We recognize that there are passages in the letters of Paul that historically have been interpreted to restrict explicitly women’s participation in teaching and communal leadership in settings involving men (1 Corinthians 14:26–35 and 1 Timothy 2:11–15). The broader trajectory of Scripture regarding women, the examples from the Pauline epistles of women functioning in leadership roles (including teaching) noted earlier, and Paul’s own teaching on the equality of spiritual gifts complicate such a reading. In the case of 1 Corinthians 14:34, we understand the specific injunction to be made to women who are in the position of learners not teachers and concerns their talking (lalein) disruptively while someone else is instructing the congregation. In the case of 1 Timothy 2:12, there is good support for understanding the restriction as being against women who domineer or usurp (authetein) proper authority (see Philip B. Payne, Man and Woman, One in Christ, 291–444). In this regard, the restriction is not against women exercising authority or teaching per se but in exercising authority in such a way as to usurp appropriately ordained or designated authority.

We make this decision to affirm the ordination of women because of the teaching of Scripture and tradition regarding this matter. Nevertheless, it is important to note that we are not alone in our affirmation of the ordination of women. There is in fact a great transition in the wider Jewish world to welcoming women to serve the community as rabbis (as well as women being ordained as ministers and serving in pastoral roles in a number of Protestant denominations). There are rare cases of women serving in rabbinical roles before the 20th century. For instance, in the 17th century Asenath Barzani served as a rabbi among the Kurds. In the 19th century, Hannah Rachel Verbermacher was a female Hasidic rebbe in Ludmir. The first formally ordained woman was Regina Jonas in Germany in 1935. In America, major streams of liberal Judaism have followed suit: Reform (1972), Reconstructionist (1974), Renewal (1981), Conservative (1985), and Humanist (1999). In general, the various streams of Orthodoxy have not embraced women’s ordination. Some leading figures and institutions in Modern Orthodoxy such as Rabbi Avi Weiss in America and the Shalom Hartman Institute in Jerusalem have founded rabbinical training programs in recent years that either include women or are specifically geared towards women. Rabba Sara Hurwitz was ordained by Rabbi Weiss in 2010. Some leading Orthodox rabbinical figures have issued teshuvot in support of women’s ordination including Rabbi Yoel Bin Nun, Rabbi Dr. Daniel Sperber, and Rabbi Joshua Maroof.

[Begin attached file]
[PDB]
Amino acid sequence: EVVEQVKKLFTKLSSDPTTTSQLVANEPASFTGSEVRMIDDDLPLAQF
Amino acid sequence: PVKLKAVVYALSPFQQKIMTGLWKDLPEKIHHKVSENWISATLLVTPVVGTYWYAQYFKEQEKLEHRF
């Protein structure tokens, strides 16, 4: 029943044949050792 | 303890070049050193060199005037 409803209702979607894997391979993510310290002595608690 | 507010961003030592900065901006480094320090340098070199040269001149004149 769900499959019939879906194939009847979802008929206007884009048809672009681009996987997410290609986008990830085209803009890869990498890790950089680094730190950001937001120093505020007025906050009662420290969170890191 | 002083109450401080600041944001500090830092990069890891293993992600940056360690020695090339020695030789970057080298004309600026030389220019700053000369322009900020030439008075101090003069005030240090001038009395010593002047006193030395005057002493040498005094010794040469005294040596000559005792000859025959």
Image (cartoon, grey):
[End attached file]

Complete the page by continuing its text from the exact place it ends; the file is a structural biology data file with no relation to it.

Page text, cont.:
Consonant with the standards of the MJRC, we affirm that all Messianic Jewish Rabbis, male or female, should view the observance of the mitzvot as central to their rabbinical vocation. Women who are studying for the rabbinate or ordained as Messianic Jewish Rabbis should voluntary take upon themselves the obligation to observe time-bound mitzvot from which they have traditionally been exempted (i.e., Shema and Tefillin; m. Kiddushin 1:7; m. Berachot 3:3; see Section 4.3.6.2 “Men, Women, and Basic Practices Related to Prayer” of the MJRC Standards).